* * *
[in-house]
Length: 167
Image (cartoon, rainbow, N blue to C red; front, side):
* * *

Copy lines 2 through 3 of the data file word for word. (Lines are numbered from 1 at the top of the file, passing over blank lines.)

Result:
Length: 167
Image (cartoon, rainbow, N blue to C red; front, side):